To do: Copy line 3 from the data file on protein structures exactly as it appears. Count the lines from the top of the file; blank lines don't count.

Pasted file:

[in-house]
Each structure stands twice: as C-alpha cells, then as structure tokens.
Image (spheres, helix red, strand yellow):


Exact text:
Image (spheres, helix red, strand yellow):